Strom Thurmond made history Thursday when he turned 100 while still a member of the U.S. Senate.

The retiring senior senator from South Carolina is going out with a bang as he celebrates his birthday on Capitol Hill. He's leaving Washington after eight terms in the chamber and a long and prosperous career as a politician who dedicated 70 years of his life to public service.

Joined by several hundred people, including friends, family and Washington's elite, Thurmond entered his party in a Senate office building by wheelchair, waving to the crowd as his two sons and daughter walked alongside him.

"His first group of interns are now getting into Social Security,'' said Rep. Lindsey Graham, R-S.C., who last month was elected to succeed Thurmond in the Senate.

Thurmond was born in the first term of Theodore Roosevelt, was first elected when Dwight D. Eisenhower was president and is retiring with the modern Republican party he helped form.

He spent 48 years on the Hill, longer than any senator in history, and has been a vital part of the changing political and racial scene of the South.

Speakers at the birthday party were to include incoming Senate Majority Leader Sen. Trent Lott, R-Miss., and former Sen. Bob Dole, R-Kan., according to organizer Thad Strom, who worked for Thurmond for more than 20 years and is now a partner in a Washington consulting firm.

All but one of the nine Supreme Court justices were also attending, as was White House Chief of Staff Andrew Card and many of Thurmond's Senate colleagues. Chief Justice William H. Rehnquist couldn't make it since he is recovering from knee surgery.

In Thurmond's hometown of Edgefield, crowds flocked around the life-sized statue of the lawmaker in the town square to celebrate with cake and performances from the Strom Thurmond High School band and chorus. Thurmond will return to Edgefield when he leaves Washington.

South Carolina Gov. Jim Hodges even declared Thursday Strom Thurmond Day, giving people in the state the occasion "to reflect on the many blessings he has bestowed upon our state throughout his life."

Artifacts of all things Strom were on display at the South Carolina State Museum in Columbus, and the Strom Thurmond Institute of Government and Public Affairs at Clemson University encouraged people to plant 100 trees across the state to honor the lawmaker.

Thurmond is to be honored at the White House on Friday, and on Dec. 12, he will attend ceremonies at Andrews Air Force Base outside Washington when the Air Force is to name its 100th C-17 cargo plane the "Spirit of Strom Thurmond."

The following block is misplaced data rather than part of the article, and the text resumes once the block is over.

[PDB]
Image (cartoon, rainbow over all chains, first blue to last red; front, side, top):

While wishing Thurmond a happy birthday, President Bush noted that the senator, while serving as a circuit court judge, volunteered for combat duty during World War II and landed a glider at Normandy on D-Day at the age of 41.

"His patriotism, courage and lifetime dedication to South Carolina and his nation will always be remembered," Bush said.

He leaves a legend behind on Capitol Hill for his tenacity as a politician and his love for the ladies.

Thurmond won his first election to a local office in 1928, and, after serving in World War II, was elected governor in 1947. A year later he ran for president as a Dixiecrat, picking up 39 southern electoral votes as part of the South's states' rights rebellion against Harry Truman's civil rights policies. He was governor of South Carolina until 1951.

He was first elected to the U.S. Senate in 1954 and in 1956, he was an originator of the "Southern Manifesto" urging defiance of the 1954 Supreme Court desegregation ruling.

The South Carolinian also holds the record for the longest filibuster in the Senate — in 1957 he held the Senate floor for 24 hours and 18 minutes — as he railed against a civil rights bill. Later in his career he expressed regret for his stand against civil rights.

Thurmond bolted the Democratic Party in 1964 to support GOP presidential candidate Barry Goldwater, signaling the beginning of the end of Democratic dominance in the South.

In 1977, Thurmond's views changed on the civil rights front, and he enrolled his 6-year-old daughter in an integrated public school. He was one of the first Southern lawmakers to hire black staffers and support blacks for federal judgeships. He became highly regarded by many blacks in South Carolina.

The man who entered the Senate abetting the body's deep racial division leaves it as a much — loved legend.

Thurmond was last re-elected in 1996 — even though polls show that he many South Carolinians did not want him to run. But he insisted on staying in the chamber until he reached 100. He remained vigorous in all senses of the word up until his mid-90s, having his first child with his second wife at age 68.

It is only in the last few years that Thurmond has started to lose a step here and there.

Thurmond is physically frail and has been generally confined to a wheelchair and accompanied by aides during the last few years, but has rarely missed a Senate vote and his office maintained a reputation for constituent service.

During his Senate career, he chaired both the Judiciary and Armed Services committees and has served as president pro tem, a ceremonial job that made him third in line to succeed the president.

In 1996, at age 93, he passed the late Sen. Theodore Green, D-R.I., to become the oldest person to ever serve in Congress. Green retired in 1960.

Graham, who is succeeding Thurmond, was born a year after Thurmond entered the Senate.

Fox News' Brian Wilson and The Associated Press contributed to this report.